It is interesting that Congress chose this criterion as the first prong. It suggests that Congress intended the second prong (does the device (data) raise issues of safety and efficacy) as subsidiary to the first prong (a review of the data). We believe this was intentional and, indeed, FDA acted as if it was intentional for decades before it created the "stage-gated" review. FDA wanted a review of the data and if the data revealed different questions of safety and efficacy, the device would not be eligible for the 510(k) path. We also believe that when read in conjunction with Least Burdensome requirements Congress wanted FDA to make determinations in favor of the 510(k) path where necessary and remedy deficiencies through a request for additional data, not by bouncing devices off the 510(k) path through fanciful regulatory interpretation employing a "stage-gated" review. Congress used both prongs as conjunctive, not disjunctive, requirements, i.e. both must be considered together. FDA cannot dissociate the two.

Second prong - "the information submitted" to FDA does not raise different questions of safety and effectiveness

To determine if a device raises different questions of safety and effectiveness, without the benefit of data, FDA must make that decision in the abstract. That is why Congress wanted the review to first review the data itself and in that data review may reveal different questions (or not). To interpret it in any other way not only does a disservice to sponsor, but the FDA as well. FDA as an organization is normally data-driven, but FDA seems to want to be able to make a judgment call on whether different questions are raised FDA based upon its lone impression, without the benefit of data.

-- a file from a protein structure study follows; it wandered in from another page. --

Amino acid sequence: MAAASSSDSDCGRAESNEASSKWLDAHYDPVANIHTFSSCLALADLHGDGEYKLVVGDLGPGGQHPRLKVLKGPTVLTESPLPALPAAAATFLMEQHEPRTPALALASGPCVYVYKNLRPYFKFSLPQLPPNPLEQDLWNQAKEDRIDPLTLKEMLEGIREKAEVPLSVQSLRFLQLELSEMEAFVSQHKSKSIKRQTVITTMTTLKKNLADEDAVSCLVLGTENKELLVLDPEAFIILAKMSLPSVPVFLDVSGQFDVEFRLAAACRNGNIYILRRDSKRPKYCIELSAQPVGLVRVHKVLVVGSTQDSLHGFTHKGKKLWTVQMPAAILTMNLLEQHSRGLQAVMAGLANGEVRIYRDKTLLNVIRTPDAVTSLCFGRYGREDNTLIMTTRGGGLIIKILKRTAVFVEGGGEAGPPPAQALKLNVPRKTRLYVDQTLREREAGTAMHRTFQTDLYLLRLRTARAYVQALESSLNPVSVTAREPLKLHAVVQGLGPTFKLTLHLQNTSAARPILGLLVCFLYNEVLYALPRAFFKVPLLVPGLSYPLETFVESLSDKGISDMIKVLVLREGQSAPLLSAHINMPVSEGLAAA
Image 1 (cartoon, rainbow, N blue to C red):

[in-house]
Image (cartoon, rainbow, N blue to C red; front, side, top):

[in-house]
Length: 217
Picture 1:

There are three issues with this approach - first it results in FDA guesswork; it relies on regulatory intuition and instinct.

This can vary by CDRH divisions and the individuals whom FDA employs - some with vast experience and some quite naive and inexperienced. Even with mature, experienced reviewers, they are not infrequently overturned by management on such issues. Sometimes they are unaware of facts and data which may change their minds and or give them the comfort level they need to conclude a device truly does not raise new questions of safety and effectiveness. FDA is continually trying to improve and make more routine, consistent, predictable and transparent how it makes quality decisions. Would it not be better to require a data-driven agency to review an entire file, routinely, instead of exercising judgment file-by-file and deciding this application should be bounced off the 510(k) path and this one can proceed? By allowing a decision to be made without reviewing data gives FDA far too much academic freedom to create issues where none may exist.